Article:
Male research participant driving car in VR headset

Visual computing research

Explore our work in visual computing, one of our areas of expertise in Digital and Creative Technologies

There is a growing demand for technology that captures and analyses facial expression, driven by the computer games, entertainment, and security industries, and augmented and virtual reality applications. We're researching new technology to improve the efficiency and reduce the cost of generating realistic facial images. Our work is helping health professionals improve how they monitor treatment of patients with Parkinson's disease and facial palsy, and helping people with autism improve their communication skills.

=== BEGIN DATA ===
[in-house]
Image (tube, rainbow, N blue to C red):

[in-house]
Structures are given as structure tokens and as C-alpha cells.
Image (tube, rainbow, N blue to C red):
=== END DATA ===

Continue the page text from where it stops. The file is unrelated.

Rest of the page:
Our work has been funded by Innovate UK, Emteq, the Engineering and Physical Sciences Research Council (ESPRC), and the Royal Society of Engineering – and helps machines understand 2D images and use them to reconstruct 3D scenes. This information is used by robots to avoid obstacles and perform tasks without getting stuck, such as robots assisting people with limited mobility in healthcare settings.

Our research is helping computers, mobile technology and cameras understand and visualise human movement and emotion. We analyse body and facial movements using electromyography, whereby the electrical activity of muscle tissue is monitored using electrodes and represented on a screen or through sound. We also analyse cognitive signals by using electroencephalography, which records electrical brain activity with electrodes placed on the scalp.